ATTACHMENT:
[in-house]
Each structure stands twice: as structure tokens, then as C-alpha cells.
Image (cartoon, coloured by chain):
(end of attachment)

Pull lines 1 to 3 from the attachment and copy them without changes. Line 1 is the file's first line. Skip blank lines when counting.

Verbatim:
[in-house]
Each structure stands twice: as structure tokens, then as C-alpha cells.
Image (cartoon, coloured by chain):